Manfeild's equestrian dream realised

March 25, 2011

Manfeild Park has received an overwhelming pass mark as an equestrian facility following the running of the New Zealand dressage championships at the venue.


Louisa Hill on Bates Antonio during the Grand Prix Freestyle event at the Dressage New Zealand Nationals. © Libby Law Photography
The dressage nationals were as much a trial run for Manfeild as for Dressage New Zealand, Manfeild Park Trust chairman Ben Vanderkolk said.

"We both very much wanted this to be a great success - and that's exactly how it turned out.

"Our dream has been to deliver New Zealand's best equestrian sports facility, a journey Manfeild Park Trust started out on in 2004. We knew then what we wanted and now we have achieved it."

Manfeild today has been totally transformed and its backers say they will continue to work with equestrian sports to help raise its profile in New Zealand.

Vanderkolk said the Dressage Nationals delivered the strongest grand prix entry seen in New Zealand.

"Many of the riders used the event in preparation for competing overseas, including for Olympic Games qualifying.

"The feedback we've had from numerous competitors, many of whom knew nothing about Manfeild before they came here, has been very heartening.

"They've been very complimentary about Manfeild, some saying that it is as good as anything they have experienced overseas.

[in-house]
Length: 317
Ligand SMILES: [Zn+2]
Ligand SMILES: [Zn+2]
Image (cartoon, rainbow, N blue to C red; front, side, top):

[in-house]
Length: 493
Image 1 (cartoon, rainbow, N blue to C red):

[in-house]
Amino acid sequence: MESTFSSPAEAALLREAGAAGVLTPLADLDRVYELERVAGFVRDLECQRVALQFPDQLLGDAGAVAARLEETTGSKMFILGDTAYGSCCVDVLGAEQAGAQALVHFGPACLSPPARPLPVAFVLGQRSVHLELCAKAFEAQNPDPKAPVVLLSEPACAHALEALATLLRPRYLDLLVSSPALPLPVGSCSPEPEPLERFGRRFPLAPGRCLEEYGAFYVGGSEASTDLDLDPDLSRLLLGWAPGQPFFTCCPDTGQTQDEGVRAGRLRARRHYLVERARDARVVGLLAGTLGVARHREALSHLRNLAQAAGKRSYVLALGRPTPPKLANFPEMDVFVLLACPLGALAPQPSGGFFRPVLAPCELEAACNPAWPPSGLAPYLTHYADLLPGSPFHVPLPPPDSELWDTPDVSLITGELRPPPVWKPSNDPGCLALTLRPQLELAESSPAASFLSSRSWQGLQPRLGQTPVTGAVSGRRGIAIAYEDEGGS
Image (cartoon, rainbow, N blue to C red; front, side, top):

"It's wonderful to hear such praise and it's great, also, that the profile of this sport has been lifted from it being held here."

The nationals, from March 3 to 5, topped off a busy post-Christmas period of dressage at Manfeild that began with a Young Rider Championship, then the Central Districts Regional Championships, both in January.

Previously, the nationals were held outdoors at Taupo but, as with the World Cup showjumping, dressage needed an indoor venue to prepare riders for competing overseas.

There were 150 riders competing, exceeded only by the 200 at the subsequent Horse of the Year Show at Hastings.

The events were hugely significant for the Manawatu region, Vanderkolk said.

"The stadium and our purpose-built outdoor eventing surfaces are the future for Manfeild and are suited to all equestrian disciplines, and we have an expert management team, headed by chief executive Heather Verry, working to highlight this."

In the lead-up to the nationals, Dressage New Zealand had identified Manfeild as having huge potential for equestrian sport, and committed to an ongoing association.

The success of the event has enhanced the probability that the venue will ultimately host international competitions.